Not only will nobody know why the variables are there and what they are used for, but it just makes the code look ugly.
I also favor the prefix_ to indicate a variable that is used in more than one scope. But I make an exception for structs. These types should'nt have any member functions and therefore you can omit the scope prefix, because you don't have to distinguish between locals and member variables by the prefix, since the struct's variable name does it for you.
Toby Opferman wrote: I saw someone post in this thread that said that they don't use it because "they will be the only ones viewing the code" so I guess they do not have a job, at least not a real one...
That certainly is a bad practice. Everyone should not test their own code and reviewing your code with others helps to improve things a lot..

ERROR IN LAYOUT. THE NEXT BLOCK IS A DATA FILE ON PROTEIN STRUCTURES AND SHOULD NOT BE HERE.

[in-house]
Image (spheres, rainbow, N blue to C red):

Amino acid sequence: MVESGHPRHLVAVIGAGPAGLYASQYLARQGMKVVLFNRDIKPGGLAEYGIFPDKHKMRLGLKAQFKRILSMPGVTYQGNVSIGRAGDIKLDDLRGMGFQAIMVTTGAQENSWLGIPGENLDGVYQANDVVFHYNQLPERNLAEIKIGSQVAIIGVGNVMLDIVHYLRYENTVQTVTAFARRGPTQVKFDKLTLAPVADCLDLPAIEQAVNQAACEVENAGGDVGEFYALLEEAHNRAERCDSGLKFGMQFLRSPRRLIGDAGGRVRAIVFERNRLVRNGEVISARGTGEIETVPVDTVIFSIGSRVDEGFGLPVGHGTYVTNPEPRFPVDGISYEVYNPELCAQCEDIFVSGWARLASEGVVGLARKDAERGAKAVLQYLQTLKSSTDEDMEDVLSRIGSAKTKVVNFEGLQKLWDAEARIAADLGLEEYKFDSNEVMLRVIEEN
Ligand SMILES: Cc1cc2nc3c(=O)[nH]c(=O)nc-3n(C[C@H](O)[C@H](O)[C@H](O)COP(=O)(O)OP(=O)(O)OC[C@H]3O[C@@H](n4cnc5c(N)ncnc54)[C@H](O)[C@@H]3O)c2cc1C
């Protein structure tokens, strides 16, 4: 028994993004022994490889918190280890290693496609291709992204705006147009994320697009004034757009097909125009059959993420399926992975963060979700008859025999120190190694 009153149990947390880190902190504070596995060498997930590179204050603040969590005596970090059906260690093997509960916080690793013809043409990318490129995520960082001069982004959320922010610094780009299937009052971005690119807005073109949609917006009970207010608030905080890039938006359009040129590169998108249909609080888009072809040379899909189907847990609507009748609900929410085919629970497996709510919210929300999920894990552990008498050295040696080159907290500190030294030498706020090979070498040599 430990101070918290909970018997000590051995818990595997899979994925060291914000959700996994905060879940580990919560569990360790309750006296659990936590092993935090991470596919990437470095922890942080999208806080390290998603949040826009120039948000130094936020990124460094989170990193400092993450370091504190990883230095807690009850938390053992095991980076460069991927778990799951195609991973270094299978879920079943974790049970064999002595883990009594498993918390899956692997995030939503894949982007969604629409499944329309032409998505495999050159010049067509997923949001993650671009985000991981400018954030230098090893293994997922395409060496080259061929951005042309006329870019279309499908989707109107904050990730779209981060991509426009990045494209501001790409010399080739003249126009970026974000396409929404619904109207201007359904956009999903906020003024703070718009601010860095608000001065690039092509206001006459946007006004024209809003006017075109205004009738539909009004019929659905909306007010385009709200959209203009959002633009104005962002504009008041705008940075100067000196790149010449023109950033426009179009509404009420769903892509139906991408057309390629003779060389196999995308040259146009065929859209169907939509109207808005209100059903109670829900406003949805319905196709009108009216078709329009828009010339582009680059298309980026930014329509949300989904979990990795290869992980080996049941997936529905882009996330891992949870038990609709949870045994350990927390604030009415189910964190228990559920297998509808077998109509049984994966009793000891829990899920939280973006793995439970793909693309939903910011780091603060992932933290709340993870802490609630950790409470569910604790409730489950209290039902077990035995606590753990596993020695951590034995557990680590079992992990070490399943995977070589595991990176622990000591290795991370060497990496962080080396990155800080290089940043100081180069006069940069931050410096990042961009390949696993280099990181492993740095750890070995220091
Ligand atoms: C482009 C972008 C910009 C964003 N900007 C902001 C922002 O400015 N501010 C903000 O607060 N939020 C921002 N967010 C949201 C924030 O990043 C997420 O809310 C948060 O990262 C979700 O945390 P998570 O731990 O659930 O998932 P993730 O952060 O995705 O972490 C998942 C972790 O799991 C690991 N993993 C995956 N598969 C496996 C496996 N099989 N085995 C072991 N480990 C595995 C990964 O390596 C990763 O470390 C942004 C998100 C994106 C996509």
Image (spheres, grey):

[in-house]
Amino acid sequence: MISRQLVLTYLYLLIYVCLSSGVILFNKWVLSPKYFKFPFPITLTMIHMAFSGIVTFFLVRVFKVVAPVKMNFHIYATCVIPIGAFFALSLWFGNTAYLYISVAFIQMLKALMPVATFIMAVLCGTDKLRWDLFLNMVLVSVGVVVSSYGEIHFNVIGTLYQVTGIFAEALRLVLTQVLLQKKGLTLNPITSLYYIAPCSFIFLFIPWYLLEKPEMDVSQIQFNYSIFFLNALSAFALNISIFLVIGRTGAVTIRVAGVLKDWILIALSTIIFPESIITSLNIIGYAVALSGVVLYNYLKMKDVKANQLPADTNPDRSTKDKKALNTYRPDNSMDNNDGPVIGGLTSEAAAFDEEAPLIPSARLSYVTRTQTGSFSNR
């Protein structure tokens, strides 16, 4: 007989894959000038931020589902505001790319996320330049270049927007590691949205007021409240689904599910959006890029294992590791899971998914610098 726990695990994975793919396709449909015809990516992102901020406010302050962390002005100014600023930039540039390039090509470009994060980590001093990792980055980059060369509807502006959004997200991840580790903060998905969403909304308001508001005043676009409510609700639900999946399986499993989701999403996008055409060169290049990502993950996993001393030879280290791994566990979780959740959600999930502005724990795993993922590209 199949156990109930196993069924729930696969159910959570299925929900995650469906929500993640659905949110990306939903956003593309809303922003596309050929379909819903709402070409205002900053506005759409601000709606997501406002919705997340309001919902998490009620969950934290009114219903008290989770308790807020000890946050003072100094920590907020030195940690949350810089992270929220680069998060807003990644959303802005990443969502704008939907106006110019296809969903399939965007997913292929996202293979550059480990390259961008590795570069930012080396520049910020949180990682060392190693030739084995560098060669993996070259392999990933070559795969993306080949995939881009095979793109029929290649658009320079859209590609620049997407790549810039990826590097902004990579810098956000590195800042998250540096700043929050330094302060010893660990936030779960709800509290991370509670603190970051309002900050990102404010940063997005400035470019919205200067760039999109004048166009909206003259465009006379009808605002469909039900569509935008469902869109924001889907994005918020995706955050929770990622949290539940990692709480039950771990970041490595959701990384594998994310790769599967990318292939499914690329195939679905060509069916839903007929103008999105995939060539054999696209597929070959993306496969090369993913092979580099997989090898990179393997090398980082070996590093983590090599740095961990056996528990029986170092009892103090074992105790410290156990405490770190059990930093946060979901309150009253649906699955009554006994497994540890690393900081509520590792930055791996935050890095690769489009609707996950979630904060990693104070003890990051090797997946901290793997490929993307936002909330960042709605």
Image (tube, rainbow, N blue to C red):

The whole casing thing is a problem, and I've been bitten by other things as well. I tend to write CLS Compliant projects, and then when my code is not CLS compliant, it's knowingly so, I set the attribute to say I know and accept the fact.
I find though that I often have a camel case private variable, and a first letter uppercase property, and that's not CLS compliant, apparently. You can use _ for the first letter of a private variable, in fact CLS compliance suggests this. I don't like that though.
Christian Graus wrote: I find though that I often have a camel case private variable, and a first letter uppercase property, and that's not CLS compliant, apparently.
I think the problem here is, e.g., VB. VB cannot understand a property defined this way because of case insensitivity. However, I'd have thought MS could have designed VB to cope with this. You can already have a type name and a variable name the same. Makes sense as they're in different namespaces.
Last Visit: 31-Dec-99 19:00 Last Update: 3-May-15 0:40